After botched (complimentary) transfer (we were in an owner's suite) and dreadful embarkation experience (computers down again (that's three times in the last three cruises)) we boarded after an hour's wait. Yes, the ... Read More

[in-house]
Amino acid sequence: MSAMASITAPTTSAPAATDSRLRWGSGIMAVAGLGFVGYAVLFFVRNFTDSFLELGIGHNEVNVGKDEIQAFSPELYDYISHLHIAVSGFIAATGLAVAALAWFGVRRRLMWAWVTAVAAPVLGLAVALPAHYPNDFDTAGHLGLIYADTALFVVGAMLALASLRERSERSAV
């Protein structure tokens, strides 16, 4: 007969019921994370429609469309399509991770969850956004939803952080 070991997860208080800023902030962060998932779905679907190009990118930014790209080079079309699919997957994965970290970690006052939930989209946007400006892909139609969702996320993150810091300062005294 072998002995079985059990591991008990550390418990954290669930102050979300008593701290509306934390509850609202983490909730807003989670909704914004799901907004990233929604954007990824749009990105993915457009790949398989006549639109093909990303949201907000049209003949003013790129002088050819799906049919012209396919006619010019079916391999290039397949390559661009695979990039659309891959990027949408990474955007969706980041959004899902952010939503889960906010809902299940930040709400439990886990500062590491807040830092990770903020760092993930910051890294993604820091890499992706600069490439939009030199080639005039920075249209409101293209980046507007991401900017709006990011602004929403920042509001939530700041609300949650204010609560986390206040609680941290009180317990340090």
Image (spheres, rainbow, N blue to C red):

After botched (complimentary) transfer (we were in an owner's suite) and dreadful embarkation experience (computers down again (that's three times in the last three cruises)) we boarded after an hour's wait. Yes, the kid's took our luggage and walked us to the elevator to the dining room - not to the restaurant and no-- not to your room - the old, well loved boarding tradition is long, long gone. Stuck with the dreadful buffet, then sitting in Seabourn Square tip 2:00 when the rooms were ready. (Okay, they eject you from your room at 8:00 am at end of cruise - why does it take 6 hours to make up rooms?) Short form: Odyssey = worn out. No maintenance done since our January 2014 cruise. Going into dry dock at end of cruise - but lots and lots of deferred maintenance. Does that include stained carpet?, stains on sofa? worn out chair upholstery? Rust everywhere outside, Felt like a 3 star cruise line ( we were in an Owner's Suite)... Everything worn out. Let's move on -- After being told that there would be a safety drill at 5:00 - 20 of us (all experienced cruisers) went down five minutes early -- as we have done for the last, let's just say more than 20 cruises and were verbally assaulted by the SENVO who said "Don't you Listen" - this we got hurled at us for going down "early", instead of returning to our stateroom when the alert began and then going down to the dining room (the "lifeboat assembly station"). We had never been treated that badly by anyone on any cruise line. So - when the alarm did ring - 20 minutes later, they actually started the drill narrative . So we are verbally assaulted for being 5 minutes early to an even that was 20 minutes late? If Seabourn and their SENVO were really concerned re. safety - why did they start the drill with 20% of the passengers filing in, all talking at the top of their lungs - you missed 20% of the drill instruction! Food - dreadful. Room service dreadful. Guest Services dreadful. Shore excursions - the absolute WORST - avoid them at any cost. Advice to the wise.....Book your own! Shore excursions are EXACTLY the same as Holland America -nothing special for the luxury cruiser - and overpriced. The accompanying staff member has never been on the excursion ... and can answer no questions.... and as far as we could tell.... added nothing to the experience... and were certainly not advocating for the travelers. It's a perk for the crew - nothing in it for the guest. Disembarkation - the worst experience ever. We were given a completely WRONG set of disembarkation instructions. And waited 30 minutes until someone figured out what to do with our Luggage Forward bags (our complimentary "van" waited ) - of course we had to walk 400 yards to the van. We have three more cruises planned with Seabourn (cancelled the July Odyssey cruise after a day on board). Such a bad experience we're off cruising at all. If this is 5 star and "intuitive" service - we'll fly coach -- that's what the Seabourn experience is down too. Read Less